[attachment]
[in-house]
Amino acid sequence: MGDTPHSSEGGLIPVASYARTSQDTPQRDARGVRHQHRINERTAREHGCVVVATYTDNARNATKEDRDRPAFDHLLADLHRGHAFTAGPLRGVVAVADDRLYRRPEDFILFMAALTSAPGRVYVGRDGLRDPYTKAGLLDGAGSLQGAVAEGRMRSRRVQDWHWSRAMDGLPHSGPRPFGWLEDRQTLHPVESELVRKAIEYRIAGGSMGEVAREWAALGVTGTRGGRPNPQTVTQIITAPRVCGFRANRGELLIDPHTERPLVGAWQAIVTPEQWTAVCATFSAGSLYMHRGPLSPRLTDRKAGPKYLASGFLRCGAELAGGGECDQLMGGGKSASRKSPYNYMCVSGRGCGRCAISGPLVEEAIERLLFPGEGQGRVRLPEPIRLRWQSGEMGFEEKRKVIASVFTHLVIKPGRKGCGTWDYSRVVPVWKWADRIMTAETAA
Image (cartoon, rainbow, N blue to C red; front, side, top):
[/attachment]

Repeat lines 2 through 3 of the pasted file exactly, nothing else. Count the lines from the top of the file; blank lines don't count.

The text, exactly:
Amino acid sequence: MGDTPHSSEGGLIPVASYARTSQDTPQRDARGVRHQHRINERTAREHGCVVVATYTDNARNATKEDRDRPAFDHLLADLHRGHAFTAGPLRGVVAVADDRLYRRPEDFILFMAALTSAPGRVYVGRDGLRDPYTKAGLLDGAGSLQGAVAEGRMRSRRVQDWHWSRAMDGLPHSGPRPFGWLEDRQTLHPVESELVRKAIEYRIAGGSMGEVAREWAALGVTGTRGGRPNPQTVTQIITAPRVCGFRANRGELLIDPHTERPLVGAWQAIVTPEQWTAVCATFSAGSLYMHRGPLSPRLTDRKAGPKYLASGFLRCGAELAGGGECDQLMGGGKSASRKSPYNYMCVSGRGCGRCAISGPLVEEAIERLLFPGEGQGRVRLPEPIRLRWQSGEMGFEEKRKVIASVFTHLVIKPGRKGCGTWDYSRVVPVWKWADRIMTAETAA
Image (cartoon, rainbow, N blue to C red; front, side, top):